“If it stays inside, you get sad, and you never get to the point where you can make the next step,” he said. “You can be sad for a couple of days, and nobody will be angry with you. But for weeks and months? It does not help.”
He did not, though — not then, not during any of his injuries, not during any of the time that he lost — start to feel he was cursed. He never asked why this was happening to him, why he had so much snatched away from him, why fate seemed arranged that he would remain a what if, one of those players who never quite becomes — through no fault of his own — what he was supposed to be.
“It is human to think about what I have missed,” he said. “But if I regret too much, think about what I have lost, I lose focus on what I need to do. You cannot rewind. This is not a computer game that you can play again. All I can do is try to be better, to be luckier, next time.”
That is not the only change in perspective injury has afforded him. “You have a lot of time to think about other things, too,” he said. Over the eight months of his rehabilitation, Reus — by his own estimation — grew up. “You become aware of what you are doing, and what comes next, and when that will start,” he said.
He turns 30 in May. By that stage, if all goes well, he will have become a father for the first time. He is no longer young, even if he is not quite old. “I have three or four years left,” he said of his playing career. “That is still quite a period, but football goes fast.”
He has made no firm decisions on what he will do when his career ends — he would prefer not to go into senior management, but coach children, if he stays in soccer, because that is when “you should be having the most fun” — though he has a few ideas. He has not forgotten what it is to be footloose, carefree, but that does not mean he envies Sancho, Larsen and his other young teammates. He does not resent the clock for ticking.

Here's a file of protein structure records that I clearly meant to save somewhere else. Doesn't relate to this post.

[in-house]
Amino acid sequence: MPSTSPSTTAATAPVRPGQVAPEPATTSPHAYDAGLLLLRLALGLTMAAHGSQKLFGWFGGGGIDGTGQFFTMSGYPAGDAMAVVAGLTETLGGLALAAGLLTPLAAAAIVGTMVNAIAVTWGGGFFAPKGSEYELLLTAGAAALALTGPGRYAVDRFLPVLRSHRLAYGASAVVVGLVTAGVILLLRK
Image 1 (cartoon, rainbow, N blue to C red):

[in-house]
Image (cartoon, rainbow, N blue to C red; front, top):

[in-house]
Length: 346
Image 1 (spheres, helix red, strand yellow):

“The injuries have taught me to enjoy the time I have on the field, the time I am training with the guys,” he said. “As you get older, you learn it will end at some point, and so you cherish the moments you are healthy.” Those young horses are lucky, he knows, to feel it will never end. But he would not trade places with them. When you know that time is limited, and time is precious, you appreciate it all the more.B:
东方心经合资料大全（【求】【收】【藏】！【求】【订】【阅】！【求】【推】【荐】！） 【的】【确】【有】【人】【被】【清】【除】【了】。 【但】【不】【是】【步】【凡】，【而】【是】【被】【嫉】【妒】【心】【控】【制】【了】【理】【智】【的】【查】【理】【曼】！ 【加】【里】【塔】【诺】【把】【查】【理】【曼】【下】【放】【到】【了】【二】【队】。 【这】【迫】【使】【查】【理】【曼】【自】【己】【主】【动】【提】【出】【转】【会】。 【打】【二】【队】，【他】【丢】【不】【起】【那】【个】【人】！ 【把】【查】【理】【曼】【清】【除】【出】【队】【后】。 【莱】【加】【内】【斯】【队】【内】，【便】【没】【有】【了】【不】【和】【谐】【的】【声】【音】。 【而】【四】【天】【后】，【球】
【温】【暖】【就】【这】【么】【直】【直】【地】【撞】【进】【了】【傅】【斯】【年】【深】【邃】【的】【眉】【眼】。 【有】【那】【么】【一】【瞬】【间】，【温】【暖】【似】【乎】【看】【到】【傅】【斯】【年】【的】【眉】【眼】，【与】【她】【梦】【中】【见】【到】【的】【那】【个】【男】【人】【的】【那】【双】，【缓】【缓】【重】【合】【到】【了】【一】【起】。 【不】【过】【也】【仅】【仅】【只】【是】【一】【瞬】，【温】【暖】【便】【回】【过】【神】，【并】【不】【习】【惯】【与】【异】【性】【接】【触】【的】【她】，【迅】【速】【将】【自】【己】【的】【手】【从】【傅】【斯】【年】【的】【手】【中】【抽】【出】。 【不】【过】【温】【暖】【也】【还】【是】【低】【声】【说】【了】【句】：“【没】【关】【系】，【也】【算】【是】
【这】【个】【宇】【宙】，【看】【起】【来】【和】【其】【它】【的】【宇】【宙】【没】【有】【什】【么】【区】【别】。 【一】【样】【的】【漆】【黑】，【来】【自】【各】【个】【恒】【星】【的】【辐】【射】【带】【动】【着】【稀】【薄】【的】【灵】【力】，【除】【了】【远】【处】【闪】【烁】【着】【微】【弱】【光】【芒】【的】【恒】【星】【以】【外】，【就】【只】【剩】【下】【了】【一】【颗】【颗】【在】【引】【力】【作】【用】【下】【汇】【聚】【在】【一】【起】【的】【陨】【石】，【不】【断】【的】【翻】【滚】，【移】【动】。 【但】【是】，【在】【沈】【云】【的】【感】【知】【中】。 【却】【是】【有】【很】【大】【的】【区】【别】。 ——【天】【道】。 【这】【里】【的】【天】【道】，【与】【其】
【面】【对】【上】【宫】【家】【众】【人】【的】【说】【辞】，【上】【宫】【灵】【微】【微】【皱】【眉】。 【这】【一】【次】【能】【够】【登】【临】【云】【台】【的】，【在】【上】【宫】【家】【此】【代】【中】，【都】【算】【得】【上】【是】【出】【色】【的】【人】【杰】。 【她】【们】【虽】【然】【不】【如】【上】【宫】【灵】，【但】【每】【个】【人】【最】【少】【也】【是】【天】【君】【巅】【峰】【的】【境】【界】。 “【你】【们】【什】【么】【意】【思】？” 【上】【宫】【灵】【瞪】【大】【双】【眼】。 “【灵】【姐】，【我】【的】【意】【思】【你】【不】【明】【白】【吗】？” “【天】【缘】【殿】【以】【及】【诸】【多】【世】【家】【势】【力】【都】【已】【经】【做】【出】【了】东方心经合资料大全“【喂】，【等】【等】，【找】【叶】【十】【三】？【你】【确】【定】【嘛】？”【苏】【沐】【沐】【觉】【得】【这】【次】【要】【出】【大】【问】【题】。 【这】【个】【叶】【十】【三】【可】【不】【是】【凡】【人】，【不】【会】【两】【人】【擦】【出】【什】【么】【火】【花】【吧】？ 【作】【为】【女】【人】，【苏】【沐】【沐】【也】【很】【敏】【感】，【能】【够】【让】【李】【小】【暖】【感】【兴】【趣】【的】【人】，【很】【可】【能】【也】【会】【让】【她】【生】【出】【好】【感】，【然】【后】【被】【李】【小】【暖】【抢】【了】？ “【怎】【么】？【沐】【沐】，【你】【就】【这】【么】【害】【怕】【他】【被】【我】【抢】【了】？【作】【为】【你】【的】【好】【闺】【蜜】，【你】【认】【为】【我】【是】
“【不】【准】【备】【介】【绍】【一】【下】？”【叶】【小】【淘】【看】【着】【小】【狐】【狸】【旁】【边】【长】【相】【还】【算】【是】【清】【秀】【的】【林】【怡】。 “【这】【就】【是】【我】【同】【桌】【林】【怡】，【是】【班】【上】【的】【学】【习】【委】【员】【呐】。” “【幸】【会】【幸】【会】！”【叶】【小】【淘】【伸】【出】【手】。 【林】【怡】【也】【下】【意】【识】【的】【伸】【出】【手】【和】【叶】【小】【淘】【握】【手】。 【她】【心】【想】【这】【就】【是】【叶】【仙】【儿】【整】【天】【嘴】【里】【念】【叨】【的】【那】【个】【很】【厉】【害】【的】“【哥】【哥】”？ 【长】【得】【还】【挺】【好】【看】【的】。 “【你】【好】，【我】【可】【以】
“【好】【啊】，【想】【不】【到】【堂】【堂】【东】【灵】【域】【谷】【家】，【竟】【然】【出】【尔】【反】【尔】，【如】【此】【不】【讲】【信】【用】，【你】【就】【不】【怕】【本】【王】【传】【出】【去】，【让】【你】【谷】【家】【被】【天】【下】【人】【耻】【笑】【吗】？” 【白】【景】【阳】【觉】【得】【自】【己】【受】【到】【了】【天】【大】【的】【侮】【辱】，【他】【可】【是】【皇】【子】！ 【谷】【流】【暄】【只】【是】【一】【个】【世】【家】【少】【主】【而】【已】，【竟】【然】【敢】【对】【他】【动】【手】！ 【以】【自】【我】【为】【中】【心】【的】【白】【景】【阳】【完】【全】【忘】【了】，【在】【灵】【界】【大】【陆】，【四】【大】【世】【家】【是】【凌】【驾】【于】【皇】【权】【之】【上】【的】。
“【呕】……” 【陈】【炳】【旭】【趴】【在】【酒】【店】【的】【栏】【杆】【处】【一】【顿】【干】【呕】。 “【不】【能】【喝】【还】【喝】【那】【么】【多】，【真】【把】【自】【己】【当】【成】【小】【伙】【子】【了】？” 【凶】【巴】【巴】【的】【语】【气】，【果】【然】，【还】【是】【那】【个】【乡】【下】【来】【的】【野】【蛮】【丫】【头】【啊】！ 【陈】【炳】【旭】【趴】【在】【栏】【杆】【上】，【掩】【饰】【着】【嘴】【角】【的】【笑】【意】，【有】【些】【放】【肆】。 【他】【想】，【自】【己】【其】【实】【也】【不】【是】【什】【么】【好】【人】。 【手】【边】【被】【送】【来】【一】【杯】【温】【水】。 “【喝】【点】【儿】【水】【压】【一】【压】